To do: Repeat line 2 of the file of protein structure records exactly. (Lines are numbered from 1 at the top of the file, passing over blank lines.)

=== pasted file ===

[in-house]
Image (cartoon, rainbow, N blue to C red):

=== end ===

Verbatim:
Image (cartoon, rainbow, N blue to C red):